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Three Little Known Factors That Dilute Your Enterprise Data Strategy.

Today’s enterprise data is critical for the success of traditional companies, i.e., those enterprises whose business models are not digital.

The trail that business processes leave over time, is the very data which enterprises must manage for various growth and regulatory needs.  All this of course, calls for the right data strategy. However, many traditional organizations are likely to struggle, with their data strategy articulation and the execution.

Here are three reasons for this struggle:


About eighteen months ago, a Chief Data Officer (CDO) of a traditional bank, was wondering why a data strategy is required for him to perform his new role.  In fact, the executive was convinced that the focus only needs to be on data governance related strategies and nothing else. Yes, no analytics and no big data! Sounds, familiar?

There was a sense of reluctance to even consider anything thing beyond just data governance, that too, the only the elements considered ‘mandatory’ from a regulatory perspective.  Enabling growth did not stand a chance in the CDOs agenda.

This indeed is lack of awareness of the value that could be derived from a sound enterprise data strategy.


In certain cases, there is adequate expertise in the enterprise as well as an acknowledged awareness that a data strategy is required.  However, the sheer pressure of the business environment renders the organization incapable of any meaningful action.  A sense of uncomfortable ‘status-quo’ persists, while waiting for external factors to trigger an initiative.  An example is a large organization waiting to prepare for an IPO or a capital raise. Traditional companies under this category, perhaps have industry leading expertise on matters related to data strategy but they lack the capability to develop and deliver the data strategy, which by the way happens to be time sensitive.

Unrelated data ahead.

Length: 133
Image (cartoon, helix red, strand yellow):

Articulating and executing a relevant data strategies is great, but may well be catastrophic if the wrong approach is adopted. Without the correct strategy, data is only a ‘potential asset’.  When, mishandled it erodes massive value in the form of opportunity costs.  This would typically run into billions of dollars and this includes the potential hundreds of millions of dollars in misspending.

If you happen to carry the unfortunate fate of a CEO, CIO or even a CDO or an organisation, that neither has an awareness, capability nor the ability to execute the right data strategy, there is still hope as in any ‘turn-around’ situation.

Since, 1955 more than four hundred of the Fortune 500 companies have disappeared.  At the same time, Johnson & Johnsons, Wells Fargo and General Electric, companies that were all founded in the 1800s still manage to be in the top list of most valuable companies in 2016.  The only thing that is common between them was that they had a data strategy that helped them transition into the digital age.

While traditional companies that ignore their data strategy are doomed, there always are those super stars that fight their way up to the top.

Let’s just hope that there are more super stars in the coming years.